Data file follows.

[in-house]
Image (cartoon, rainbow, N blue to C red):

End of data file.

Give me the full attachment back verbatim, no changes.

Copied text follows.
[in-house]
Image (cartoon, rainbow, N blue to C red):